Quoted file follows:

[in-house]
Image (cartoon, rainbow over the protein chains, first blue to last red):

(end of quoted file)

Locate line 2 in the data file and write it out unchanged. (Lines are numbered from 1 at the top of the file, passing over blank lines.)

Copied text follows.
Image (cartoon, rainbow over the protein chains, first blue to last red):